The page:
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be employed to prevent this evil. For this that their Lordships would find fufficient reapurpose he law only one mode of security, fon for adopting it. which was fo to connect the public creditor Lord Loughborough expressed much sur. with the state, as to render it impracticable. prise at the return to their Lordships' mes. Having made a motion to this effect,
lage from the House of Commons. He had Lord Camelford resulted its being adopted considered that message as a ministerial mea. in the present Itage of the business, as a re- sure. From what had palled on Monday, he solution of the House.
had every right to view it in that light; and Lord Sydney expressed many obligations how that mellage should have met with such to the noble Earl (Stanhope), but was for a fate under all its circumstances, he was at moving the previous question on the mo- a loss to conjecture. He hoped the nobl tion.
Lord who had spoken last, would have at Lord Loughborough had not made up his least the courage to explain it. mind sufficiently to the present morion, and Lord Sydney vindicated his conduct, and hoped the confideration of it might be poste hoped that when the noble Lord threw any poned to some other occafion.
imputation on his courage, he would do it The Duke of Richmond opposed the le- in those places and in chat manner in which ginature adopting any permanent system as he could with most propriety resent it. unconstitutional, and as tending to deprive Lord Loughborough apologised to the nofuture legislators of their right.
ble Lord for what had fallen from him re. Lord Stormont was for a subsequent dis- specting his courage. He had said nothing cution of the refolution.
that could in any respect injure that part of Earl Stanhope having little hopes of car- his character, of which he entertained as higla rying his motion on any subsequent day, said, an opinion as any man. that he wilhed it to stand on the Journals of Lord Carlisle opposed the going into a Comthe House. Were the previous question put mittee without the grounds on which the bill on it, he should not obtain the object.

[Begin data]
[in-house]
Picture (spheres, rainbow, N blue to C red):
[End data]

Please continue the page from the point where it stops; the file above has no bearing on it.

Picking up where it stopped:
was founded being laid before the House. Tne question was then put on the original The motion being then put, that the House ‘motion, and it was, without a divifion, ne- resolve iclelf into a Committee, it was agreed gatived.
to without a division. The Duke of Richmond moved, that there Lord Stormont then gave bis opinion at should be laid before the House, a copy of large on the bill. He next went into a mithe report of the Select Committee of the
nute discullion of the report of the Committee House of Commons, which motion was of the House of Commans, which he treated agrecd to.
in the light of a pamphlet. He recapitulateu
the various arguments urged in the other The answer to their Lordships message to House against the statements contained in it, the House of Commons on the Surplus bill, and suggested that the operations of France declining the transmisfion of any grounds of relative to its fortifications at Cherburgh, and judgment on which they had palled the above on the continent opposite to us, indicatos bill being read, a thort convertation took warlike intentions ; and that there was on place, relative to the House refolving itself this account no probability of our peice-ettainto a Committee that day for the further con- blishment being reduced. fideration of it.